As we can see with the stalled state budget, our legislators often struggle to build almost anything, especially a consensus. But there’s hope for the Minecraft Generation.
Lego for the 21st century, Minecraft—the digital sandbox.
For the uninitiated, Minecraft is just a game. But is it?
Isn’t the Lego sold in stores Lego of the 21st century, some may ask? Technically, yes. But what drives the market today is licensing, so that kid can buy this year’s version of a Batman vehicle, assemble it following the precise instructions included in the box, and then pine for another set.
“Lego used to be just a big box of bricks, and you used to take the bricks, pour them on the carpet and then make stuff. And that’s exactly what Minecraft is,” explains game designer Peter Molyneux in a 2012 documentary about Minecraft.
What kids learn in Minecraft
1. Managing Resources
There are no instructions. Upon starting the game, you’re just supposed to figure things out, like how clicking on the ground creates a hole and how the dirt enters your inventory as a resource. Same with chopping down a tree, which creates a block of wood, which you can turn into planks, which you can turn into sticks. You can assemble tools, like a pick axe to mine for minerals like stone or iron, and fashion better tools. Kids learn about the trade-off between labor and efficiency at the cost of limited resources.
There’s no over-arching narrative or points-based objective, but there are rules and systems that govern Minecraft and it requires a fair amount of determination to accomplish what you want to do. You’re always learning and using what you’ve learned in new and more interesting ways, but only if you’re paying attention.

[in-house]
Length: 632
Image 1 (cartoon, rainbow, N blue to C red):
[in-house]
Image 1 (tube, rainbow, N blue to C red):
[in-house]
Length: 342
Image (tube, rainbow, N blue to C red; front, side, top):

The most exciting aspect of Minecraft for most kids is playing with others in the same virtual environment. You learn it’s much more beneficial for everyone if you can cooperate and share resources, especially when monsters draw near. While there are always exceptions, kids learn that disrupting the efforts of their peers is ultimately self-defeating and that there’s a social and practical cost to being a jerk.
Kids are used to video games that demand that you do what the developers want you do to in exactly the way they intended for you to do them. These are games where mistakes are punished, leaving you howling. But because Minecraft is really about open exploration, there are no ‘mistakes,’ just skill development and refinement. It’s one of the best examples of how video games can build actual confidence.
5. Critical thinking
One of the resources that you can “mine” is called “redstone,” the Minecraft analog for electricity and circuitry. With your resources, you can fashion switches, minecarts, pistons, etc. and create various contraptions using redstone to power them. But, just as you find in actual circuits (and coding), one oversight can stall the entire enterprise, demanding constant analyses and encouraging experimentation and refinement. According to one study, game-based play can raise cognitive learning and problem-solving ability and improve memory.
Managing resources. Focus. Teamwork. Overcoming fear of failure. Logical thinking. That’s not bad for just another video game. Come to think of it, those are a set of skills that could help kids tackle complex, real-world problems when they grow up, like budgets.
If you know a child who loves Minecraft (or would like to learn it) who would want to play with hundreds of new friends and might enjoy learning about science, technology, engineering, and mathematics (STEM) in a fun festival setting, get your tickets to the Block By Block Party. It’s happening September 16 and 17 at the University of the Sciences. Learn more at pccy.org/blockbyblock!